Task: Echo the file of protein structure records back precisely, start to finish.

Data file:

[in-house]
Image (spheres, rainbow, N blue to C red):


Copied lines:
[in-house]
Image (spheres, rainbow, N blue to C red):